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At the edge of the world by Chad Shmukler

Images: Chad Shmukler and Earl Harper.  Words: Chad Shmukler.

Tierra del Fuego, the windswept archipelago at the tip of South America, might rightly be called the edge of the world. Separated from the rest of the South American continent by the Straights of Magellan, Tierra del Fuego is the southernmost location on the entire globe one can reach without crossing the ship and sailor-swallowing Furious Fifties and making landfall on Antarctica.

Split roughly down the middle, the western portions of Tierra del Fuego which border the Pacific Ocean belong to Chile, while the bulk of the eastern, Atlantic-facing lands are controlled by Argentina.

The archipelago’s western reaches, predominated by small islands, are mostly mountainous, wet and sparsely inhabited. But the region’s largest island, which lies to its north and east and is separated from the rest of the archipelago by the Beagle Channel (named after the HMS Beagle, the vessel that carried Charles Darwin on his historic voyage of exploration) is a large, contiguous, semi-arid, mostly low-lying land mass.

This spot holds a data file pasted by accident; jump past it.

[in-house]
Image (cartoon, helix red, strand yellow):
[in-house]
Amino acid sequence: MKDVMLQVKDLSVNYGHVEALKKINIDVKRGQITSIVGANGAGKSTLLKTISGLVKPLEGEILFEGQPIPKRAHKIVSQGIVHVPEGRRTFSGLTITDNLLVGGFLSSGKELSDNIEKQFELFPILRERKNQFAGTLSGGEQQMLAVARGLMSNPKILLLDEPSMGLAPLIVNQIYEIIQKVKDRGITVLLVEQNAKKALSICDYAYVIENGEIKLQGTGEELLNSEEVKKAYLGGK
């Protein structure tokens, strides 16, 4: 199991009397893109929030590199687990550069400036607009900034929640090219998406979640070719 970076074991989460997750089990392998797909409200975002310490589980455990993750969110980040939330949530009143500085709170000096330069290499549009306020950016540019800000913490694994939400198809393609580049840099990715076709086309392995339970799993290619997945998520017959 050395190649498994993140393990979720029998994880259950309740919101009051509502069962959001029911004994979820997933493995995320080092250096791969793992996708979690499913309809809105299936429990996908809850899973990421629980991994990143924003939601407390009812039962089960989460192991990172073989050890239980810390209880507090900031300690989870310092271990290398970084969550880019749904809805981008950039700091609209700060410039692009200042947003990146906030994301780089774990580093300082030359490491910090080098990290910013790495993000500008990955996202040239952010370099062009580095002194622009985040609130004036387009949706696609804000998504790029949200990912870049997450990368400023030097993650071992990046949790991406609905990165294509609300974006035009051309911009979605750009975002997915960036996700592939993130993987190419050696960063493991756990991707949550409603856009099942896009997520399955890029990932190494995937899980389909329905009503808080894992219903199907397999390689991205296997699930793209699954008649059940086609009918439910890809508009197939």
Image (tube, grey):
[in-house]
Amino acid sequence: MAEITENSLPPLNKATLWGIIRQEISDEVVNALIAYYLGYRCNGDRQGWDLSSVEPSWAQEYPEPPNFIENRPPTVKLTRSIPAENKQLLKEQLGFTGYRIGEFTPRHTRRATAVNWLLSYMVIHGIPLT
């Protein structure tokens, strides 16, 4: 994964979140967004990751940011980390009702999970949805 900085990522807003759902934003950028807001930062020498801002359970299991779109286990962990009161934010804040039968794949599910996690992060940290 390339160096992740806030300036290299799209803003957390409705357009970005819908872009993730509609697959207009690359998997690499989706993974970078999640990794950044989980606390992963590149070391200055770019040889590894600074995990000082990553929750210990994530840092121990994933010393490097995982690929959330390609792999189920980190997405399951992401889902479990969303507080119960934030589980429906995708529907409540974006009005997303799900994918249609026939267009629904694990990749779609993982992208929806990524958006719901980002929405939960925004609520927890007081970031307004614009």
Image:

tierra del fuego rivers and landsape
tierra del fuego rivers and landsape
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Though Tierra del Fuego’s countless rivers and streams, which flow through austere landscapes and seemingly endless grasslands, first drew Chilean and Argentine settlers seeking to graze sheep and cattle, today they draw anglers from all over the globe, thanks to their well-held reputation as offering some of the finest trout fishing on the entire planet (photos: Earl Harper).
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Despite the region’s extreme latitude, which keep Tierra del Fuego’s summers cooler than anywhere else on the South American continent, winters are relatively mild. As a result, the archipelago supports a diverse population of wildlife including these guanacos (a wild, close relative of the llama), fox, beaver, and almost 100 species of birds (photo: Chad Shmukler).